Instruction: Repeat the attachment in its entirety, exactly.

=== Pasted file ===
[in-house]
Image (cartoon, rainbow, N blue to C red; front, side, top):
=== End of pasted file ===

[in-house]
Image (cartoon, rainbow, N blue to C red; front, side, top):